What is diabetes

Diabetes mellitus is a metabolic disorder characterized by a predisposition to developing significantly raised blood glucose. The first recorded description of diabetes mellitus dates back to the Ebers papyrus in Egypt around 1500 b.c.1 Diabetes mellitus has been noted in almost all ancient cultures with a tradition of written language such as Vedic, Chinese, Arabic, and Mediterranean Symptoms of diabetes mellitus include increased thirst as well as increased frequency and volume of urine production. These classical symptoms led to its naming from the Greek word for a passing through, SiaPn n0 (Sia through or by Paivro a passing). Diabetes mellitus may lead to death if left untreated due to acute metabolic decompensation producing dehydration and acidosis. Even with treatment, over a period of years, elevated blood glucose levels result in damage to a number of organs, including the eyes, kidneys, nervous system, and blood vessels. Insulin is the major regulator of blood glucose...

Gestational Diabetes

Gestational diabetes most often develops between the 24th and 28th week of pregnancy, occurs in 2-5 of pregnancies, and usually disappears after birth. Gestational diabetes is more common in older, obese, or diabetes-prone ethnic groups, and in those with a positive family history. Most (80-94 ) women with gestational diabetes will return to normal after delivery. Hispanic females and Native Americans are especially prone to developing diabetes after an episode of gestational hyperglycemia, with the occurrence rate being as high as 50 within 5 years of pregnancy termination. The other gestational diabetics will have a 30-40 chance of developing diabetes in 10-20 years.

Hypothermia

Include acute and subacute hemorrhage and dehydration fluid loss into an extravascular compartment can significantly reduce intravascular volume and result in nonhemorrhagic hypovolemic shock. Acute pancreatitis, loss of the enteral integument (from conditions such as burns and surgical wounds), or occlusive or dynamic ileus can all induce oligemic hypotension as a result of extravasation of fluids into the extracellular compartment. Other forms of water and solute loss, such as diarrhea, hyperglycemia (leading to glucosuria), diabetes insipidus, salt-wasting nephritis, protractcd vomiting, adrenocortical failure, acute peritonitis, and overzealous use of diuretics, can also lead to decreased intravascular volume and hypovolemic shock.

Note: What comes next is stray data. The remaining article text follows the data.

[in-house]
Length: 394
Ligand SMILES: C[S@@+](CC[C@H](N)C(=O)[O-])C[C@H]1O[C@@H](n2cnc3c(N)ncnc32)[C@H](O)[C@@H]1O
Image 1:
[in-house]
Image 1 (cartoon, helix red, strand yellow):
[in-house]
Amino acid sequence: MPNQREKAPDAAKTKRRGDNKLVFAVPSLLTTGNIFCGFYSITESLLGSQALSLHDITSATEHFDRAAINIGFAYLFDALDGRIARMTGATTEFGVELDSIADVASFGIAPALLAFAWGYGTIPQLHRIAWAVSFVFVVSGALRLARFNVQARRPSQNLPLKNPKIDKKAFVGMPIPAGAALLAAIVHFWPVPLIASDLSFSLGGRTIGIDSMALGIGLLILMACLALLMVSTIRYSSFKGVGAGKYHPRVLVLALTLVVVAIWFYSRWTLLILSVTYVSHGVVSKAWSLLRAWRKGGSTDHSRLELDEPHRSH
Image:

Retinopathy

In the milder form, known as nonproliferative retinopathy, high blood sugar levels damage the delicate blood vessels that nourish the retina. This may cause the blood vessels to become weak or close off, and leak blood, fluid, or fat into the fluid surrounding the retina. If the leakage affects the macula (the part ofthe eye where vision is sharpest), then the result is blurred vision.

Atherosclerosis

People with diabetes have an increased risk of developing atherosclerosis, because of the interaction of a number of factors but most importantly because high blood glucose affects the tissue that lines the inner surfaces of the coronary arteries. This causes the release of harmful chemicals that create a sticky surface and makes the inner walls of the arteries more susceptible to plaque formation. When atherosclerosis develops, it affects not only the coronary arteries but also all the other arteries. When the arteries in the brain become seriously narrowed, the result is a stroke. The vast majority of strokes occur because of arterial blockage. In the legs, serious atherosclerosis is known as peripheral vascular disease. Peripheral vascular disease is an underlying factor in the development of many of the lower

Summary

Fasting (premeal) hyperglycemia is caused by increased hepatic glucose production, decreased basal insulin secretion, reduced insulin sensitivity, and high sustained postprandial glucose levels. For individuals with AM fasting hyperglycemia, be aware of suppertime postprandial excursions and bedtime snacks. All oral agents are effective in 2. Levels of postprandial glucose are regulated by preprandial glucose levels, insulin sensitivity, and bolus or first-phase insulin release. Oral agents effective in reducing postprandial hyperglycemia include the glinides (repaglinide and nateglinide), a-glucosidase inhibitors, and, to a lesser extent, the TZDs and biguanides.